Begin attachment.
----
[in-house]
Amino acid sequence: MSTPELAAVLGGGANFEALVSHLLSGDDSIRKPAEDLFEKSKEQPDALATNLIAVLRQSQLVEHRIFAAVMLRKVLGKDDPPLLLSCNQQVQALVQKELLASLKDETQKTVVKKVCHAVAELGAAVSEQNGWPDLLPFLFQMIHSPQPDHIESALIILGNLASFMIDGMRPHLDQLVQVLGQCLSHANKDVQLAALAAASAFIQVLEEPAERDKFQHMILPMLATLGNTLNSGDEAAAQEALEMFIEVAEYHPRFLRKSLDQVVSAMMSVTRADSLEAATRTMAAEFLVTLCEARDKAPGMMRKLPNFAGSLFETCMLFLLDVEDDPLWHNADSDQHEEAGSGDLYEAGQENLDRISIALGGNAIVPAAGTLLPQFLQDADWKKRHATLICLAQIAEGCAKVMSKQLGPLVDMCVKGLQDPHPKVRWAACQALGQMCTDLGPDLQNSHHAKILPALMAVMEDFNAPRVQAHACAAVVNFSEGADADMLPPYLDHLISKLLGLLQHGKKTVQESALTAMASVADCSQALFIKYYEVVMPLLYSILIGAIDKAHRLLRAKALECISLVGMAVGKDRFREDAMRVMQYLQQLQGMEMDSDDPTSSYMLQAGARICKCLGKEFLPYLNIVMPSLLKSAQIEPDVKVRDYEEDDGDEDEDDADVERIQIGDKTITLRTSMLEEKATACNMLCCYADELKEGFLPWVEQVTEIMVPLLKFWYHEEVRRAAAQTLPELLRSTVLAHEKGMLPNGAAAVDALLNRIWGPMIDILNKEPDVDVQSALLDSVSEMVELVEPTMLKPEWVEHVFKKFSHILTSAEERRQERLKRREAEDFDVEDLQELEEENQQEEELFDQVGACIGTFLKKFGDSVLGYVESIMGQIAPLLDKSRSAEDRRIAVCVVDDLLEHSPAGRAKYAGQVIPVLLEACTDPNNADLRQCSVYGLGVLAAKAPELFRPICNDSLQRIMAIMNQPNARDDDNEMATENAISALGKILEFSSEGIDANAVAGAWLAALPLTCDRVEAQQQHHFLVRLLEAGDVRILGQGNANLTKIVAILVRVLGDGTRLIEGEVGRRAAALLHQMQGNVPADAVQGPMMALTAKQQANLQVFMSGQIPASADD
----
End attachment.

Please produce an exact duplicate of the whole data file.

[in-house]
Amino acid sequence: MSTPELAAVLGGGANFEALVSHLLSGDDSIRKPAEDLFEKSKEQPDALATNLIAVLRQSQLVEHRIFAAVMLRKVLGKDDPPLLLSCNQQVQALVQKELLASLKDETQKTVVKKVCHAVAELGAAVSEQNGWPDLLPFLFQMIHSPQPDHIESALIILGNLASFMIDGMRPHLDQLVQVLGQCLSHANKDVQLAALAAASAFIQVLEEPAERDKFQHMILPMLATLGNTLNSGDEAAAQEALEMFIEVAEYHPRFLRKSLDQVVSAMMSVTRADSLEAATRTMAAEFLVTLCEARDKAPGMMRKLPNFAGSLFETCMLFLLDVEDDPLWHNADSDQHEEAGSGDLYEAGQENLDRISIALGGNAIVPAAGTLLPQFLQDADWKKRHATLICLAQIAEGCAKVMSKQLGPLVDMCVKGLQDPHPKVRWAACQALGQMCTDLGPDLQNSHHAKILPALMAVMEDFNAPRVQAHACAAVVNFSEGADADMLPPYLDHLISKLLGLLQHGKKTVQESALTAMASVADCSQALFIKYYEVVMPLLYSILIGAIDKAHRLLRAKALECISLVGMAVGKDRFREDAMRVMQYLQQLQGMEMDSDDPTSSYMLQAGARICKCLGKEFLPYLNIVMPSLLKSAQIEPDVKVRDYEEDDGDEDEDDADVERIQIGDKTITLRTSMLEEKATACNMLCCYADELKEGFLPWVEQVTEIMVPLLKFWYHEEVRRAAAQTLPELLRSTVLAHEKGMLPNGAAAVDALLNRIWGPMIDILNKEPDVDVQSALLDSVSEMVELVEPTMLKPEWVEHVFKKFSHILTSAEERRQERLKRREAEDFDVEDLQELEEENQQEEELFDQVGACIGTFLKKFGDSVLGYVESIMGQIAPLLDKSRSAEDRRIAVCVVDDLLEHSPAGRAKYAGQVIPVLLEACTDPNNADLRQCSVYGLGVLAAKAPELFRPICNDSLQRIMAIMNQPNARDDDNEMATENAISALGKILEFSSEGIDANAVAGAWLAALPLTCDRVEAQQQHHFLVRLLEAGDVRILGQGNANLTKIVAILVRVLGDGTRLIEGEVGRRAAALLHQMQGNVPADAVQGPMMALTAKQQANLQVFMSGQIPASADD